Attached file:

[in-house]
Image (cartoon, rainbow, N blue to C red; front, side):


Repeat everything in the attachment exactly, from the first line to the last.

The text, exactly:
[in-house]
Image (cartoon, rainbow, N blue to C red; front, side):